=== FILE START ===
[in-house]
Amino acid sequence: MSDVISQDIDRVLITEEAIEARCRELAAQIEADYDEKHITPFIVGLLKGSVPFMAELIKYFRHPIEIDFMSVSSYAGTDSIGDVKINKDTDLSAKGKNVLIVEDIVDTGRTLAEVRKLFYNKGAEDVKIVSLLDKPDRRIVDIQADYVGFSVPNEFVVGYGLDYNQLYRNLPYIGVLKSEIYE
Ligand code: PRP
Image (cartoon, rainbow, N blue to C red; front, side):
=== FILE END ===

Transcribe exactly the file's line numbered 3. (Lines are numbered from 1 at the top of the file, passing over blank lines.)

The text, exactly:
Ligand code: PRP